Any new security issues raised by the procedures in this document depend upon the ability of an attacker to inject a false but apparently valid IIH, the ease/difficulty of which has not been altered.

As with others TLV advertisements, the use of a cryptographic authentication as defined in [RFC5304] or [RFC5310] allows the authentication of the peer and the integrity of the message. As this document defines a TLV for IS-IS Hello message (IIH), the relevant cryptographic authentication is for IS-IS Hello message (IIH).

In the absence of cryptographic authentication, as IS-IS does not run over IP but directly over the link layer, it's considered difficult to inject false IIH without having acces to the link layer.

If a false IIH is sent with a Flooding Speed TLV set to low values, the attacker can reduce the flooding speed between the two adjacent neighbors which can result in LSDB inconsistencies and transient forwarding loops. However, is not significantly different than filtering or altering LSPDUs which would also be possible with access to the link layer. In addition, if the downstream flooding neighbor has multiple IGP neighbors, which is typically the case for reliability or topological reasons, it would receive LSPDUs at a regular speed from its other neighbors and hence would maintain LSDB consistency.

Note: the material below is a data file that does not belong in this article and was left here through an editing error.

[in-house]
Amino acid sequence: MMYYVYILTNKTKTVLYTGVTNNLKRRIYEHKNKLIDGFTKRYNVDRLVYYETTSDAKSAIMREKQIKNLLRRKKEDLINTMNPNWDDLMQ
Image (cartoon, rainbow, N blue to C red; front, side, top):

If a false IIH is sent with a Flooding Speed TLV set to high values, the attacker can increase the flooding speed which can either overload a node or more likely generate loss of LSPDUs. However, is not significantly different than sending many LSPDUs which would also be possible with access to the link layer, even with cryptographic authentication enabled. In addition, IS-IS has procedures to detect the loss of LSPDUs and recover.